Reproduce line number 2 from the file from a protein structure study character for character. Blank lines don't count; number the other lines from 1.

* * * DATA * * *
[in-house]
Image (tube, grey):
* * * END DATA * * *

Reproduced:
Image (tube, grey):